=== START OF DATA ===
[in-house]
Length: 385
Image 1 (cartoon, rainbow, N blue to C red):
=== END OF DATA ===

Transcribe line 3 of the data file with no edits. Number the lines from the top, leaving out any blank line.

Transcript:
Image 1 (cartoon, rainbow, N blue to C red):